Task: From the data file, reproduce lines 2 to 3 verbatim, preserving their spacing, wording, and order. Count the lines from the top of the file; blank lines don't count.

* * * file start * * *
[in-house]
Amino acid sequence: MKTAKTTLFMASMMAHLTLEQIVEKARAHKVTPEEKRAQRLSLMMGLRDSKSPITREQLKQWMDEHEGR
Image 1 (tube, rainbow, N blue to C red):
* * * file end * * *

Amino acid sequence: MKTAKTTLFMASMMAHLTLEQIVEKARAHKVTPEEKRAQRLSLMMGLRDSKSPITREQLKQWMDEHEGR
Image 1 (tube, rainbow, N blue to C red):